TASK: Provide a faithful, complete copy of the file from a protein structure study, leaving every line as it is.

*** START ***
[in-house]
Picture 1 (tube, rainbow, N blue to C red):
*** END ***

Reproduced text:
[in-house]
Picture 1 (tube, rainbow, N blue to C red):